Making mentoring work
The purpose of the study is to investigate the experiences of organizations considered to have developed best practices in the use of mentoring and conduct a survey of the personnel of an engineering firm to draw their experiences on the mentoring program of the firm.
Desk research applied in deriving secondary data on theories employed by best practice firms together with the actual practices of these firms in using mentoring - Making mentoring work introduction. To derive data on the particular experiences of firms, structured interviews were made with 35 top and middle managers as well as staff. This was supplemented with in-depth focus group discussion with 8 mentors. The combination of qualitative and quantitative approaches as a research design supported the validity and reliability of data. The structured interview analyzed using basic statistical tools allowed comparison and repetition of the data collection process while the focus group discussions provided the research with in-depth accounts.
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Results showed that mentoring provides mentees with the advantage of exploring their strengths and weaknesses, with assurances of confidentiality, through the role of the mentor in encouraging broader thinking and challenging assumptions. Mentees are able to enhance their knowledge and experience resulting to improved performance that leads to job satisfaction, which then enhances staff retention. Common problems in mentoring include varying expectations between the mentor and mentoree and finding a suitable mentor. These are addressed by developing a culture geared towards continuous improvement as the framework for a mentoring culture. The study carries the strength of considering a wide-array of data. However, in considering in-depth data through the focus group, only the perspective of mentors were taken.
Hurst, S. (2003). Role acquisition, socialization, and retention: Unique aspects of a mentoring program. Journal of Nurses in Staff Development, 19(4), 176-180.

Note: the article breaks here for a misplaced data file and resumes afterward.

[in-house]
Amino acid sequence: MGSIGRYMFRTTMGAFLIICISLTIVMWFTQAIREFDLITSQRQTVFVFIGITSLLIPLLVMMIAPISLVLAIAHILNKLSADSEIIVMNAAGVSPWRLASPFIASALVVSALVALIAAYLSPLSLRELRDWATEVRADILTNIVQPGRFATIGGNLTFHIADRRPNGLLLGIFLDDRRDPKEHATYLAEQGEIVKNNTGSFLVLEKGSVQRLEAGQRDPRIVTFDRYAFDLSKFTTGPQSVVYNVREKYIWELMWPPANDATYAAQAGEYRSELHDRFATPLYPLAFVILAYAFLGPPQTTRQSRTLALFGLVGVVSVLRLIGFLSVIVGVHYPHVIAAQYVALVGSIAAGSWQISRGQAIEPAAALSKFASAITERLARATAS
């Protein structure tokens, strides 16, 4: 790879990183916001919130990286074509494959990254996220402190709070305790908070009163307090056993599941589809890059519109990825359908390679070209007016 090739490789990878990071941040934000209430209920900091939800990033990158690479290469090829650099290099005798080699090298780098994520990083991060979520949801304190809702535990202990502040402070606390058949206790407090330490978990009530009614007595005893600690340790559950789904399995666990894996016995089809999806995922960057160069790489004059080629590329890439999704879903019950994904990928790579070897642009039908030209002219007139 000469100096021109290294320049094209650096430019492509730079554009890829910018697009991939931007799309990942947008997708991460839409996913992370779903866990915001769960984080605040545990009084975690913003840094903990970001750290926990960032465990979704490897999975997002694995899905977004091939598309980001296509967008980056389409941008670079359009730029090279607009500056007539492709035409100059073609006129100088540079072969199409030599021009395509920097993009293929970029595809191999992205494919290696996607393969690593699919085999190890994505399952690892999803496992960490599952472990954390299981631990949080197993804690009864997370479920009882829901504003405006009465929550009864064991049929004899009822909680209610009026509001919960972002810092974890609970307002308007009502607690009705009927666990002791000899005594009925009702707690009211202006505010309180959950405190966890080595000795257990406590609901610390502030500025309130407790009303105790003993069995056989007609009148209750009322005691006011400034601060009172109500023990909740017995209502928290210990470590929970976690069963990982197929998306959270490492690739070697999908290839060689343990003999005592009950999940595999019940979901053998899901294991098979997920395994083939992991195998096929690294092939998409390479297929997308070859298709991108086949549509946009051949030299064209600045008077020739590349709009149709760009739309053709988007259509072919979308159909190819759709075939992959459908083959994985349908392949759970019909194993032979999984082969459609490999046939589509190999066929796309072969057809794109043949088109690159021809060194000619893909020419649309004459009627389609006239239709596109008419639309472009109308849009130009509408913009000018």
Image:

The study aimed to discuss the concept of mentoring and its components or elements as a process and to determine the effectiveness of the mentoring program implemented in a medical facility.
The method employed is case study of the mentoring program of Banner Good Samaritan Medical Center. Data was derived from firm documents about the program and an interview was made with a nurse enrolled in the mentoring program. The study employed qualitative approach to achieve significant validity with the methods able to meet the objectives. However, the study may not able to achieve a similar level of reliability in terms of the generalizability of results since the interview was made with only one respondent, who may not represent the mentees.
Results showed that the mentoring program, which has incentive and support components, was able to lessen the attrition of rate of employees by creating a culture of excellence that was able to enhance a positive feeling and perception of employees regarding their job, co-workers, and working environment. The study was able to discuss in depth the concept of mentoring and its processes to provide a clear understanding of this process. However, it failed to obtain data from a larger sample to support a better evaluation of the mentoring program.
Bally, J. M. G. (2007). The role of nursing leadership creating a mentoring culture. Nursing Economic$, 25(3), 143-148.
The study investigated the important role of leadership in creating a mentoring culture that addresses the issues of staff retention, job satisfaction, and patient outcomes. It also discussed the four leadership initiatives of Bass as a way of developing a mentoring culture.
The study employed desk research and integration of secondary data gathering method. This employed the qualitative approach that considers accounts or descriptions of mentoring to support staff retention. The study achieved significant reliability because it was able to achieve results that could apply to healthcare organizations. However, it may be weak in validity because of the lack of specific data on actual programs or experiences of staff under these programs.
Mentoring directly leads to staff satisfaction that in turn supports the decision of the nursing staff to remain as personnel of the health care facility. However, to achieve an effective mentoring program, the staff has to integrate organizational culture and leadership in the mentoring program. Organizational culture should be aligned with he appropriate leadership strategy and mentoring practices. The study has thoroughly discussed the factors needed to achieve a mentoring activity able to address staff retention. However, this lacks primary data to exemplify the applicability of these factors in actual organizational settings.